for a phase 1 study of a non-RNAi HIV vaccine project.)

Given Cytrx's position as a relative 99-pound weakling compared to
Alnylam and Sirna, the strategy of focusing on just a couple of disease
niches may not just be a smart one: it may be the only viable one.

In the target validation technology area, another back-from-the dead
company is making headway with a new $183,000 SBIR grant for a novel
laser-based RNAi system.

Cyntellect, which is a subsidiary of moribund stem cell cancer treatment
company Oncosis, said Thursday it had received the SBIR grant to develop
its proprietary Laser-Enabled Analysis and Processing - or LEAP - platform.

The company's leap into the RNAi field is driven by the realization that
its laser technology, which was originally designed for removing cancer
cells from a patient and then reintroducing the purified cells, had
applications in the drug discovery research arena, according to Dana
Hosseini, the company's vice president of business development.

"We found that [the laser] didn't kill the cells, but transiently
'permeable-ized' the cell membrane, which allows things to get in."
Hosseini said. "We image the cell or cells we want to target with the
laser - they can be targeted on the fly - the laser hits those target
cells, [and] the membrane opens up for a matter of seconds, then closes

The LEAP system involves a CCD camera imaging system with mirrors that
steer the image in tandem with the cameras, and a laser that then works
with the imaging system.

Cyntellect believes this laser-driven method, which it terms
optoinjection, is better than other techniques for transfecting RNAi or
siRNA into cells because it more efficiently transfects cells than other
methods, kills fewer cells, and allows users to transfect one cell but
not the adjacent one with the RNA molecules, Hosseini said.

The 16-person company is planning to make the LEAP technology available
for technology access partners by the end of the summer, and estimates
that it will launch the system commercially in the fourth quarter of 2004.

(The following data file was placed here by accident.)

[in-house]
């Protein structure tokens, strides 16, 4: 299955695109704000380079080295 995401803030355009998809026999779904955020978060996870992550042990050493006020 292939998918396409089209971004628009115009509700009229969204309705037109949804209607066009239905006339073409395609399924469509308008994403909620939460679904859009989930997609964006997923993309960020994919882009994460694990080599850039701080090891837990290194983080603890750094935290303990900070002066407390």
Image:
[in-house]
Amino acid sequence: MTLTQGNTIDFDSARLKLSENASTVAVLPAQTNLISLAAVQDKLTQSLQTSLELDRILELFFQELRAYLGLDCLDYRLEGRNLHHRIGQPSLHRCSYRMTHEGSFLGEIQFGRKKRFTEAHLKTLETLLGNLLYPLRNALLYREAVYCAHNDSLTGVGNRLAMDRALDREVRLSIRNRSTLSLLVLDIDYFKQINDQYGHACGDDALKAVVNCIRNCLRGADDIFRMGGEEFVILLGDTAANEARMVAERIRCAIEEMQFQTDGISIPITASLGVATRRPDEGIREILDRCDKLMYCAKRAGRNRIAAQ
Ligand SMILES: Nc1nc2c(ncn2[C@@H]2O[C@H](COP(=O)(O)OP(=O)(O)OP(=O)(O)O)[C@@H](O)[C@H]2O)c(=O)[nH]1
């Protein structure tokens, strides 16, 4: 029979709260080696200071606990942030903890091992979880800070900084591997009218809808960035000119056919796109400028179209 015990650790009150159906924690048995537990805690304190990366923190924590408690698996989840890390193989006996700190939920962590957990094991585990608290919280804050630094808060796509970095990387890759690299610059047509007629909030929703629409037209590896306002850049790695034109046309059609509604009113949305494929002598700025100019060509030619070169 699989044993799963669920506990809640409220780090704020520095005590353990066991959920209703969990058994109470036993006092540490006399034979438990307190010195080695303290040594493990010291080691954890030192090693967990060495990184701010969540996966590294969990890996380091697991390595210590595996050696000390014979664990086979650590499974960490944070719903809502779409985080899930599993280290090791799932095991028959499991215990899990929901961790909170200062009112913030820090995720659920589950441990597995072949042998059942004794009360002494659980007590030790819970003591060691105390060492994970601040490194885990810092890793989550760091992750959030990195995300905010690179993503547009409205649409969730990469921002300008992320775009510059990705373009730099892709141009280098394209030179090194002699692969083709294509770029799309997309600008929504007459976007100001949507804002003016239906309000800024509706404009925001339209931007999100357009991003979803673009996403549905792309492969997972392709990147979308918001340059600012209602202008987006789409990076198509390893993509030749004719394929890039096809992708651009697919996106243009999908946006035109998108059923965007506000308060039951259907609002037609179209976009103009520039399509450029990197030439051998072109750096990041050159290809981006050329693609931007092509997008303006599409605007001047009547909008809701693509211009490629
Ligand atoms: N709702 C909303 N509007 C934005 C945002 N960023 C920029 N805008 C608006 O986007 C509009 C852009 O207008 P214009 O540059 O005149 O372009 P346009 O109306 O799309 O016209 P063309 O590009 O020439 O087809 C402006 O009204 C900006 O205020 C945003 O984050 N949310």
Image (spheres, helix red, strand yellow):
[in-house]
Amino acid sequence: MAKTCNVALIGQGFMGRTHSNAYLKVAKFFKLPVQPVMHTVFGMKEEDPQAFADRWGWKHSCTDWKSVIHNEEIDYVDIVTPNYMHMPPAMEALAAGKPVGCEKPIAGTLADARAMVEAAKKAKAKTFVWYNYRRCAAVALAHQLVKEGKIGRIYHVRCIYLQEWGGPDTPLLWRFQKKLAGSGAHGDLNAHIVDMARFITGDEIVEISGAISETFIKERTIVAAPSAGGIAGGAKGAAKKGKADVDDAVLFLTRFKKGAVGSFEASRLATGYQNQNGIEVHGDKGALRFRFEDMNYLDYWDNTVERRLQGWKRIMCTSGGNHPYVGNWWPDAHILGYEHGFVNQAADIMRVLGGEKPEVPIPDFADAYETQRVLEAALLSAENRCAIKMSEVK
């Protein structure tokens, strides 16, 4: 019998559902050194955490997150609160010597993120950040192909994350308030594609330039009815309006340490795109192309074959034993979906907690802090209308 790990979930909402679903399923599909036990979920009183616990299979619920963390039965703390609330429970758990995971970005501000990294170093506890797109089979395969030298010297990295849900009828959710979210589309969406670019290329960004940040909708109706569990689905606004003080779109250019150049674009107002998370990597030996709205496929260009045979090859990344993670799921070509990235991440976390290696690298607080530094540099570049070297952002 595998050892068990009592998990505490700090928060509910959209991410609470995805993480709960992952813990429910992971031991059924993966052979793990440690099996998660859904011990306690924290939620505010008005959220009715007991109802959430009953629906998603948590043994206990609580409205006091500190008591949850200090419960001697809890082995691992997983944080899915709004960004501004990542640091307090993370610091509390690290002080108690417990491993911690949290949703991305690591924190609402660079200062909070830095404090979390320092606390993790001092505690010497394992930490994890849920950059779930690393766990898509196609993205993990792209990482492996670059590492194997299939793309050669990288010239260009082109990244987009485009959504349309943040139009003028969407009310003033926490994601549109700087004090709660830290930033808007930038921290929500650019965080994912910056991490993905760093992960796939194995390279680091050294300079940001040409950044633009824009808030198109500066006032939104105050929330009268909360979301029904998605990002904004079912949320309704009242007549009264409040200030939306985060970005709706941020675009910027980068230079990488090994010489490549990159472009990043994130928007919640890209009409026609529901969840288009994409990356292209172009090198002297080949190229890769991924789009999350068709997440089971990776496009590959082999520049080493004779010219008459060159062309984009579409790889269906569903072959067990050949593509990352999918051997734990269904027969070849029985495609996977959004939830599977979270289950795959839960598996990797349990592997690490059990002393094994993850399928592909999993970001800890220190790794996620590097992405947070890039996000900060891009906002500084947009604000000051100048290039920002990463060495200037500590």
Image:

PART II
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TITLE:  Biotech Watch: Silencing genes new method of research
SOURCE: The Associated Press/The Seattle Timers, USA, by Paul Elias
DATE:   Jul 18, 2003

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Biotech Watch: Silencing genes new method of research

SAN FRANCISCO -- The biotechnology field is littered with the debris of
would-be miracle cures.

These days, the buzz is building around a technology called "RNA
interference," whose legions of fans insist this one is different and
could dramatically alter our understanding of molecular biology.

They may be right.

Even cynical veterans of biotechnology's failures find it hard to
overstate how rapidly the technology has been embraced. Scientists
researching everything from cancer to crops are using RNA interference to
silence genes, thereby creating drugs, gene-searching tools and even a
new way of decaffeinating coffee.

"It has totally changed my research," said Phillip Sharp, a Nobel
laureate in gene research at Massachusetts Institute of Technology and
co-founder of a company using the technology to develop drugs that would
treat cancer, hepatitis and other diseases.

Sharp began working with RNA interference four years ago, when few
scientists were interested in the field. Now, thousands of them aim to
capitalize on the role RNA plays in life, custom-designing small snippets
of double-stranded RNA to silence specific genes.

They're publishing papers, filing for patents and organizing scientific
conferences dedicated solely to the topic. Even skittish venture
capitalists are investing in the field.

RNA originally was viewed simply as a passive messenger that took DNA's
recipe from the cell's nucleus and delivered it to protein-building
machines called ribosomes.

But recent discoveries show that double-stranded RNA patrols the genome
with the job of silencing mutant genes. These RNA, armed with destructive